June 2, 2022
“Hey Alexa, what’s the difference between STEM and STEAM?”
It’s easy to confuse STEM vs STEAM. If you ask Alexa, she might have some trouble answering this question, which ironically supports the topic of this blog.
STEM refers to a curriculum centered around the integration of science, technology, engineering and mathematics. Studies show that STEM jobs grew 79% between 1990 and 2018(1). In 2019, 19.1 million workers age 25 and older were employed in STEM occupations in the U.S., an increase of 1.8 million since 2016 (2). And as stated by the U.S. Bureau of Labor Statistics, 2019–29 employment projections show that occupations in the STEM field are expected to grow 8% by 2029 (3).
While STEM curriculum encourages students to explore hard evidence-based explanations of real-world phenomena, it falls short in the same area as Alexa; the human emotional element. That’s where STEAM comes in.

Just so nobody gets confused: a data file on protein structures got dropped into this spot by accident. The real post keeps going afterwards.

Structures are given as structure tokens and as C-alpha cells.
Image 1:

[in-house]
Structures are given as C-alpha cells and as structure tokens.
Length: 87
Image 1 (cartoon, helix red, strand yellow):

STEAM takes all the pieces of STEM curriculum and adds in arts, such as design, dance, drama, writing, history, visual arts and more. By incorporating the study of arts and humanities, STEAM curriculum helps kids solve problems in more innovative, creative and out-of-the-box ways. In other words, STEAM encourages collaboration and utilization of soft skills to understand a STEM concept.
When it comes to STEM vs STEAM, STEAM is not a new methodology. Leonardo da Vinci utilized concepts of art, science, aesthetics and engineering throughout his life and career as a painter, engineer, scientist, theorist, sculptor and architect. He said, “To develop a complete mind, study the science of art, study the art of science. Learn how to see. Realize that everything connects to everything else.” Additionally, interdisciplinary scientists are more likely to become Nobel Laureates than those who are solely STEM focused (4).
Teaching STEAM focused curriculum to kids early on helps them connect both the left and right sides of their brain, pushing past the antiquated perception that learning areas are separate and that someone who is good at math can’t also excel in art. Furthermore, STEAM also integrates soft skills like care, community, collaboration and culture.